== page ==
"We were born naked," says Washington psychologist Lawrence Tirnauer. "I think we all find a kind of release in being naked in all the senses -- physically and emotionally." Skinny-dipping can be asexual, he says, or, "if we're honest with ourselves," it also can be seductive and exhibitionist."

Beyond the psychology, a skinny-dipper can also find practical reasons for going without bathing suit.

Carol (first name only), a manager of Pine Tree Associates, a 600-member nudist park near Annapolis adds: "You don't have tan lines."

Roland Senecal, spokesman for 25,000-member American Sunbathing Association of Orlando, Fla., a national nudist group, cites the comfort of a naked body -- "especially in the ocean when you get out of the water. "With a suit, he says, you suffer "that unforgettable feeling of salt and sand inside."

Or it could be you want to get out of the heat and you forgot your trunks. At a New Jersey lakeside wedding last summer, says one of the guests from Washington, a group of sweating ushers and bridesmaids dropped the formal garb on the shore for a refreshing dunk before returning to the reception. She joined in when she discovered, "Hey, my boyfriend's out there."

Finding a spot to strip at our crowded parks and beaches is not easy. After all, skinny-dippers generally arenot streakers intent on baring all to a sometimes unwelcoming audience. And who wants to face a possible charge of indecent exposure?

Once a group of us thought we were secure in a small, off-the-trail pool in Shenandoah National Park, far enough away not to offend families hiking in the back country. We deposited our clothes on the bank and dove in au naturel . Only after splashing and scampering on the rocks for several minutes did we spot on the hillside above several people who must have been watching all along.

A close friend and his female companion sneaked over the fence to swim naked in the pool at Dumbarton Oaks in Georgetown a few years back. For a while, they had a great time. Then the night watchman caught them. Dark thoughts of public disgrace, he says, filled their minds. But after a stern lecture, their captor sent them away free.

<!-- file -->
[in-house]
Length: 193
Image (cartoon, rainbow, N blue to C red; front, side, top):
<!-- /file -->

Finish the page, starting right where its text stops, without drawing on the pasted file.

The next day, though, my friend had to go back during visiting hours to find their shoes they had forgotten under a bush.

But, if you're alert to the possibilities, you'll find a place. Last month at a lakeside cabin, I arose at dawn before anyone else was up for a quiet swim in the cool morning mist. Anyone I met at that hour, I figured, had to be another skinny-dipper or too sleepy to notice.

In Hawaii, on the northern coast of the island of Kauai, I hiked for 10 miles along a cliffside trail to an isolated beach at the end. ythe first people I saw were a honey monning couple. On their way to explore the nearby woods, they were dressed only in backpacks and sandals.

It was, I quickly learned, the proper attire for the dozen or so campers who found their way this far off the roadway. I joined them, but not without some regret a day later when usually unexposed skin got an overdose of sun.

That week was exhilarating. A grown man, I played at being an island native -- padding about the woods, diving into the surf, showering in a waterfall, sharing a meal of freshly caught fish and wild fruit. And all the time, without a stitch on.

One of the most delightful episodes in a thoroughly likeable movie, "Return of the Secaucus Sevebm," us a woodlands skinny-dip almong old colelge friends. Middle-aged couples in Alan Alda's "Four Seasons" take a (shy) plunge in the sea, too.

Skinny-dipping "has been around a long time," the one-time camp counselor points out. "Since Adam and Eve.